Dobbin's Flowery Vale (1)
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DOBBIN'S FLOWERY VALE . AKA and see "My Fair-haired Darling (2)," "Charmer with the Fair Locks," "Maid of Templenoe," "One evening in June," "Youth and Bloom," "Mavourneen na Gruaige Baine." Irish, Air (4/4 time). F Mixolydian. Standard tuning (fiddle). AB. Leonard Dobbin, explains O Boyle, was a man of wealth and substance in County Armagh in the early 19th century, and lent his energies to civic improvement. He constructed most of the now attractive Armagh street known as "Dobbin Street," and laid out the lands along the banks of the Ballinahone River according to progressive landscaping patterns for the time which tried to incorporate both parks and manufacturing. O Boyle quotes the 19th century author Stuart in Historical Memoirs of Armagh who gushingly wrote "to men of contemplative and tranquil minds who love to listen to the clack of mills alternately swelling and dying on the breeze and who hear with delight the murmur of descending waters and the choral song of birds, this rural spot must surely appear a charming retreat." Though the anonymous folk-poet who composed the lyric evidently agreed with Stuart, the local populace was not generally so kind, and dubbed the venture "Dobbin's Folly." The 'flowery vale' is in modern times "almost obliterated by a Housing Estate." Joyce (1873) remarks there were few tunes better known in Munster in the 19th century than this, and that he knew portions of a half-dozen songs set to the melody. One of the songs he knew began:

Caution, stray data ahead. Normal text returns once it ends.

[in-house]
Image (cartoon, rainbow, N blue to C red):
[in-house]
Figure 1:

By the Blackwater side, not far from Castle-Hyde, there dwells a most beautiful creature;
She's slender tall and straight, and in beauty quite complete, and charming in every feature,
I met her the other day as I roved along the way, and I asked where my darling was going;
She said she meant to go as far as Templenoe, and I begged to accompany my storeen.
Another song set to the melody begins:
One morning fair as Phoebus bright her radiant charms displayed,
And Flora in her mantle green those verdant plains arrayed.
As I did rove throughout each grove, no care did me assail,
Till a pair I spied by the water side in Dobbins flowery vale.
See also note to "My Fair-haired Darling (2)."
Source for notated version: "From Mr. Joyce b.b.p. 36" [Stanford/Petrie].
Printed sources: Joyce (Ancient Irish Music), 1873/1890; No. 96, p. 98. Stanford/Petrie (Complete Collection), 1905; No. 789, p. 197.